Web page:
In addition to providing free access to books and media, libraries have long worked to provide hunger relief in their communities. With food insecurity on the rise in the wake of the COVID-19 pandemic, libraries have continued to work tirelessly to keep local families fed.
Many libraries across the country have been pursuing partnerships with local food banks and hunger relief organizations to distribute free meals to those in need. Curbside or drive-through pick-up has allowed library staff to pass out the food while maintaining social distancing, mitigating further spread of COVID-19.
Some libraries are distributing books or craft supplies alongside free meals. California’s Monterey County Free Libraries in California are including activity bags with each lunch for kids. “We want to get some nutritious food and fun stuff in the hands of families,” county librarian Hillary Theyer told King City Rustler.
High Point Public Library in North Carolina has managed to keep running their weekly farmers market, which helps local families access fresh groceries, during the pandemic. “Our community has serious food insecurity issues, and we have been involved in addressing that for the past several years. COVID-19 has made the situation even worse,” they reported in a recent American Library Association survey. Their staff have been engaging in outreach to make sure residents are aware that SNAP (Supplemental Nutrition Assistance) benefits can be used to shop at the market.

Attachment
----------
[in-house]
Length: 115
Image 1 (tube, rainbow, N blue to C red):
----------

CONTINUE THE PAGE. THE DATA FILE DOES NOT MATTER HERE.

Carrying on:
Ohio’s Columbus Metropolitan Library has been offering free summer lunches to local children for nearly two decades; this year, they’re offering grab and go meals in library branch parking lots. “So many children in our community rely on free or discounted school lunches,” Kathy Shahbodaghi, the library’s public services director, told Fox 28. “It is absolutely critical that students have access to healthy, nourishing lunches and snacks. It not only benefits the body, but the mind as well.”
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